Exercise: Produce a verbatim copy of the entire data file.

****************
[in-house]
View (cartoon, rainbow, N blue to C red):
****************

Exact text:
[in-house]
View (cartoon, rainbow, N blue to C red):